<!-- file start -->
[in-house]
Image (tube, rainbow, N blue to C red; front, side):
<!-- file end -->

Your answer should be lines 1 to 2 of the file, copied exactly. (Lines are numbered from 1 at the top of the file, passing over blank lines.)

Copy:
[in-house]
Image (tube, rainbow, N blue to C red; front, side):